Service Provider Cloud

Eurobites: Deutsche Telekom starts tower sale process – report

Also in today's EMEA regional roundup: 25G PON in Croatia; Teldat chooses Telefónica Tech's public cloud; EU, UK probe Google/Meta deal on advertising.

  • As predicted in a Handelsblatt report in December, Deutsche Telekom has kick-started the process of selling its towers, according to a Reuters story citing anonymous sources. Reuters reports that the German incumbent operator "expects indicative offers in the next couple of weeks," and is working with Goldman Sachs bank on the sale. Spain's Cellnex and American Tower are both readying offers for the 40,600 masts, two of the sources said. Such a deal would help Deutsche Telekom address its sizeable debt pile, which stood at €130 billion (US$146.5 billion) at the end of last year. It would also follow in the footsteps of similar moves by Telefónica, which sold its towers to ATC, and Orange, which has created a tower unit called Totem (See Deutsche Telekom preps towers sale – report.)

  • Deutsche Telekom is also extending its Open Telekom Cloud platform to Switzerland, meaning that Swiss organizations can rest easy in the knowledge that their data is held exclusively in the cloud in Swiss data centers and its storage complies with the European Union's General Data Protection Regulation (GDPR). Open Telekom Cloud is already operational in Germany and the Netherlands.

  • Nokia and Hrvatski Telekom – which is part of the Deutsche Telekom empire – are carrying out what they say is the first 25G PON fiber broadband trial in Croatia. The trial took place at Hrvatski Telekom's laboratory in Rijeka. According to the operator, the demo showed that its FTTH network is fully compliant with the latest PON technology, which could increase the capacity and quality of its broadband service in the future.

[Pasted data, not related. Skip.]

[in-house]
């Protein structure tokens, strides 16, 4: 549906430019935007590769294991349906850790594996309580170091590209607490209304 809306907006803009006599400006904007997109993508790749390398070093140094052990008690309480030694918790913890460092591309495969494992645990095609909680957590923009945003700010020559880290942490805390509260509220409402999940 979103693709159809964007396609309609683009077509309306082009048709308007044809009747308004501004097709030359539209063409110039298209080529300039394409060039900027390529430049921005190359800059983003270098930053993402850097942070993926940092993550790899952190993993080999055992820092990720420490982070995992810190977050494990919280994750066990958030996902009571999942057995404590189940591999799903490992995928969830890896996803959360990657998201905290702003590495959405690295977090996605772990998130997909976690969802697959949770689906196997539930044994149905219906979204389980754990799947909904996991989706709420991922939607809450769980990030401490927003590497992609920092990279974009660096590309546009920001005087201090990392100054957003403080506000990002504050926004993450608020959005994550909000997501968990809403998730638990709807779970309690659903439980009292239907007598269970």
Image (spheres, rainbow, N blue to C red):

• Spanish IT services company Teldat has chosen Telefónica Tech's public cloud offering, itself based on the Google Cloud platform, to sprinkle some added SD-WAN fairy dust on the "digital transformation" of its customers. Teldat is targeting those customers who want to make a gradual transition from a conventional network to a complete SD-WAN setup, including a dash of Kubernetes and microservices technology, if required.

  • The European Commission has opened a formal antitrust investigation to get to the bottom of whether an agreement between Google and Meta (formerly Facebook) relating to online display advertising services may have breached EU competition rules. In a statement on the matter, the Commission's executive vice-president, Margrethe Vestager, said: "Via the so-called 'Jedi Blue' agreement between Google and Meta, a competing technology to Google's Open Bidding may have been targeted with the aim to weaken it and exclude it from the market for displaying ads on publisher websites and apps. If confirmed by our investigation, this would restrict and distort competition in the already concentrated ad tech market, to the detriment of rival ad serving technologies, publishers and ultimately consumers."

    A parallel probe is being launched by the UK's Competition and Markets Authority (CMA), focusing on whether the agreement between the two companies prevented the uptake of "header bidding" services, whereby sellers, such as news publishers, offer their online advertising space to multiple buyers at the same time, rather than receiving offers one by one.

  • Following a price hike in its native US, streaming giant Netflix has announced it is doing the same in the UK and Ireland, Sky News reports. In the UK, the basic and standard plans will both increase by £1 a month, to £6.99 and £10.99 respectively, while the premium tier will rise by £2 to £15.99. In Ireland, the basic plan will go up by €1, while the standard and premium tiers will become €2 more expensive.

  • SkyShowtime, the streaming service set to be launched by Sky in a number of European countries later this year, has announced some key appointments. Among other moves, Francesca Pierce (currently with Sky) becomes chief financial officer; Jen McAleer (also with Sky) becomes chief brand officer; Richard Howard (currently with NBCUniversal) becomes chief marketing officer; and Josh Snow (also with NBCUniversal) becomes chief product officer.

    — Paul Rainford, Assistant Editor, Europe, Light Reading

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